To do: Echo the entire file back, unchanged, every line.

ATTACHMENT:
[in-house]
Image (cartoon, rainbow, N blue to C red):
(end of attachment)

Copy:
[in-house]
Image (cartoon, rainbow, N blue to C red):